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China's turn to HFCS exports 'could be start of something big'

China's exports of high fructose corn syrup to the Philippines, where sugar producers are protesting at the trade, could be the "start of something major" in the sweeteners market, if use spreads in Asia.

China has been, up to now, the only substantial user of high fructose corn syrup (HFCS) in Asia, with use equivalent to some 4m-5m tonnes a year, said Robin Shaw, analyst at London broker Marex Spectron.

However, imports by the Philippines of 235,000 tonnes of HFCS last year, according to customs data, equivalent to some 352,000 tonnes of sugar, and trade which prompted the country two weeks ago to impose curbs on corn syrup.

"HFCS is significantly cheaper than locally-produced sugar," according to a US report which said that the imports had "driven down sugar prices" in the country by some 17% since September.

Indeed, Mr Shaw said that the imports could be a sign of a structural shift in sweeteners users towards corn syrup - a move which would be "anti-bullish" for sugar prices.

'Start of something major'

"It looks like HFCS is invading the world sugar market more," Mr Shaw told Agrimoney.com.

Asia's top sugar importers 2016-17

1: China, 4.635m tonnes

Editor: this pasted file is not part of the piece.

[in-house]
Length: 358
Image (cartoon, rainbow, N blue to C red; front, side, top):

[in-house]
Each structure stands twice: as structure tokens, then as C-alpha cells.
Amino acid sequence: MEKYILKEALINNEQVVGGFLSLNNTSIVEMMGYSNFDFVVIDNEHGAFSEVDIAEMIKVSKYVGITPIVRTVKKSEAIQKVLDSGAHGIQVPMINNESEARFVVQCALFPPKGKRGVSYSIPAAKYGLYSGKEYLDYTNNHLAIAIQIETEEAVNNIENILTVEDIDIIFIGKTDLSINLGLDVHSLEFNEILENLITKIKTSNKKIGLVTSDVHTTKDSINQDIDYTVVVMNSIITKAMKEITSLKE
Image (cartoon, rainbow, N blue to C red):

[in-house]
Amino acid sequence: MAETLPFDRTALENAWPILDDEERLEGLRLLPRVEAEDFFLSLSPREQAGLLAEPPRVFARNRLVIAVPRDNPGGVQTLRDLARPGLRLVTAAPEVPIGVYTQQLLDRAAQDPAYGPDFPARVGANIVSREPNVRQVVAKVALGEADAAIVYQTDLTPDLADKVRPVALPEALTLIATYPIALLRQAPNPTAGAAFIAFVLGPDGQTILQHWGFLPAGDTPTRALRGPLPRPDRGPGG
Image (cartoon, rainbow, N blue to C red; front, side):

2: Indonesia, 4.15om tonnes

3: Bangladesh, 2.064m tonnes

4: Malaysia, 1.767m tonnes

5: South Korea, 1.600m tonnes

Data for net imports, ie total imports less exports, sugar only, on a tel quel basis

Source: International Sugar Organization

"The increase in China's HFC exports at the moment could be start of something major," if it catches on in in the region, which includes some large sugar importing countries, including Indonesia and Malaysia - besides China itself.

Indeed, it could prove "another nail in the coffin" of the bullish sugar story, as "the world adapts to high sugar prices", with New York raw sugar futures standing above 21 cents a pound as recently as last month.

May futures on Monday stood at 17.59 cents a pound, down 0.7% on the day.

HFCS vs sugar

The apparent paradox of China, the world's biggest sugar importer, becoming an exporter of HFCS comes despite a large incentive from prices for the country to consume the grain-based sweetener domestically.

"In China, the price of sugar is almost double that of HFCS, so you would expect a big swing [in consumption] from sugar to HFCS," Mr Shaw said.

A sugar premium of some 30-40% is typically enough to fuel a switch to HFCS, according to research group CCM.

However, Mr Shaw added that a switch from sugar has "already occurred in sectors which can take HFCS," which is favoured more for use in liquids, such as fizzy drinks, than solids.

Meanwhile, HFCS production is being fuelled by the country's attempts to run down its huge corn inventories, a drive also seeing a boost in ethanol output.

China's industrial use of corn will rise by 3.0m tonnes this season to 58.0m tonnes, according to the International Grains Council.

Drawbacks

One factor mitigating against the popularity of HFCS is the health concern, with allegations that it is a bigger hazard than sugar, whose own reputation has suffered a downturn in recent years.

Furthermore, Mr Shaw said that sweetener consumers changing to HFCS in their products from sugar "are at the mercy of HFCS suppliers" - a limited pool, contrasting with the plethora of sugar providers.

North America is also a major user of HFCS, with the US exporting the sweetener to Mexico, with consumption also widespread in the European Union, under the name isoglucose.

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